“Before we developed our own, we paid a company overseas to find us a fabric,” Andrew says. “But when it came time to order, I hesitated. I just knew it wasn’t the right thing.”

Andrew listened to his gut instinct, which told him to use eco-friendly fabric made in the U.S. This obstacle resulted in what turned out to be one of Andrew’s biggest passions about the clothes: the eco-friendliness and responsible production.

“Some people will source clothing from Alibaba and just put their label on it, but if you don’t know the details of how those clothes and especially the fabric are made, you’re likely doing damage to the world,” he says.

Look at what you’re doing and make sure it’s helping more than it’s harming. It’s so easy when there are so many opportunities to import cheap products – look at how people who are working in your factory are really living. Be honest about what your values are.”


Andrew worked hard to ensure his product was as high quality as possible. The fibers in Bhujang Style clothing are made in only one place in Germany, out of sustainable beech trees. These fibers are then spun into yarn, finished, and sewn in the US.

This third generation, family-run dye house Andrew uses was one of the only places in the world that could dye and finish the fabric correctly, but as luck would have it, right when they were ready to produce the first full run of fabric, the dye house burnt down.

Overcoming obstacles like these took grit.

“It was just tenacity. The idea took ahold of me and it wouldn’t let go, like a pit bull. it was almost beyond choice,” Andrew says. “I just wasn’t going to let this go. And it wasn’t going to let me go.”

“We went through a lot of challenges and there were a lot of times when it would have seemed rational and reasonable to give up,” Andrew says.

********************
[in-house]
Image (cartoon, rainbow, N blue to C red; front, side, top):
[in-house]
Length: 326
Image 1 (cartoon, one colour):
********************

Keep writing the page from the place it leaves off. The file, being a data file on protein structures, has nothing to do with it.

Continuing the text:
“But one time I forgot a prototype of my yoga pants at the studio where I practiced, and afterwards one of the guy instructors told me he had come to teach class and realized he had forgotten his, so he went into the lost and found and used mine.”

The next day, the instructor told Andrew he had wore his pants in class and absolutely loved them.

That little bit of inspiration from that one guy really helped me get through the early challenges,” Andrew says.

As they grow, community continues to be vital for Andrew for developing his product and meeting his customers’ needs.

Bhujang Style has now teamed up with, and they’ve got almost 150,000 people in their active Facebook brand community. “The reviews we get and the personal emails we get from people really keep us going. We get constant feedback from our buyers and we get so friendly with them. It’s a really great community, and that’s what keeps me going.”

When it comes to advice Andrew would recommend for new eCommerce storeowners, his is simple, “I wish someone would have told me this the first minute that I got the idea: Hire a professional bookkeeper from day one. Let someone with more expertise keep track of the details. You need to focus on your vision and your passion.”